Hayward Heater H250K Natural Gas Problems
by Pam Baltzer
I put in an inground, liner pool in July 2009. Installed was a Hayward Heater H250K series with a salt water system. In July 2012 the heater started leaking and had to be replaced. I never did get a clear answer why it failed but was told it was not due to chemical imbalances. I regularly check my pool chemistry as well as double check it at a local pool store where I keep all of the printed records stating my water is balanced. As Hayward only had a one year warranty I shook it off an bought another without contacting them.
In August 2012 a new Hayward H250K heater was installed. Around December the heater had problems igniting/starting up and I believe the gas automatically shut down for obvious reasons. Again, I believe my water is balanced to a tee as I check it and double check it w/my local pool store and always maintain it when levels go above or below the range. This time I have contacted Hayward. They are slow at getting back to me, originally said they would send a Hayward rep out yet I have yet to see anyone.
My concern is: although I have bought another Hayward heater (not installed yet) I am not convinced that Hayward is the way to go. Replacing a heater should not be needing replaced every two years. I am attaching a few photos. If at all possible can you let me know if you recommend a salt water pool w/a Hayward Heater, if you think the salt has anything to do with the failure of the heaters and/or if you can suggest a heater that would better fit my system?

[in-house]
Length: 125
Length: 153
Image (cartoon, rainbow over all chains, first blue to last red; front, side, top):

If you feel you can be of any help I will gladly work with you on your fees.
Thanks for the question Pam. I can say wow...that heater is pretty gunked up. I would like to have your complete chemical readings, the actual numbers:
Chlorine, CYA (cyanuric acid/stabilizer), pH, Alkalinity, Calcium Hardness, salt level, Metals (iron and copper) and names of any algaecides you may have used along with clarifiers, phosphate removers, and/or flocs. It makes troubleshooting much easier.
Heaters are normally found on the return side of the pool, after the filter. With a heater such as yours I would ask if the filter is running properly? Cleaned out and/or backwashed on a regular basis?
Calcification is normally white and from the pictures it looks like a sludge type of material. Is this accurate or could it be calcium deposits?
High calcium hardness can clog up heaters and chlorine generators. I would ask if you've had an issue with the chlorine cell? Does it look the same or is it clean? With two electrical components I would assume both would show the same kind of wear but if the cell is good and the heater looks like this then perhaps you do have a case for the chemicals being balanced. The heater may be defective.
Are you on city water or do you have a well? It could be mineral deposits in which case you'd need a metal sequestrant.
Is the cell the only kind of chlorination you have or do you use regular chlorine such as calcium hypochlorite? If you do you need to stop as that product contains calcium which I never recommend with salt pools.
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